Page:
Butterfingers! Airbus A350s Lose Engines after Drinks Spilled

Airbus A350 console with coffee stainTwo Airbus A350 XWB airliners on international flights, one last November and another on January 21st, 2020, had their starboard Rolls-Royce Trent XWB engines shut down en route and fail to restart when pilots attempted the recovery procedure.  The most recent incident was on a Delta A350 bound for Seoul, which diverted to and landed safely in Fairbanks, Alaska after the engine failure.  The airline which experienced the failure in November 2019 has not been identified, but is believed to be a Korea-based Asiana A350 flying from Seoul to Singapore, which diverted to Manila on November 9th.

In both cases, the engines shut down some time after a pilot spilled a drink on the centre console where engine controls are located.  The Delta flight lost its engine 15 minutes after a drink was spilled on the console, and the suspected Asiana’s engine shut down an hour after tea was spilled on the console.  In both cases, the flight recorder indicated the electronic engine controller had closed the high-pressure shut-off valve after receiving inconsistent output from the control panel.  In both cases the integrated control panel and electronic engine controller were replaced and the planes returned to service.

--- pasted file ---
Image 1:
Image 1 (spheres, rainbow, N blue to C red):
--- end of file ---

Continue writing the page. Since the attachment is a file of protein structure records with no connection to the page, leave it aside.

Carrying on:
Flight Global reports that Airbus and will send a communication to operators “on recommended practices for handling beverages on the flightdeck”.  Perhaps they should install more cup holders.

Univac 1108 maintenance panelI once saw a programmer spill an entire cup full of regular Pepsi-Cola onto the shelf below a Univac 1108 maintenance panel, where it ran down into the electronics below.  Nothing appeared to happen and neither he nor I ever said a word about it while we were still working there.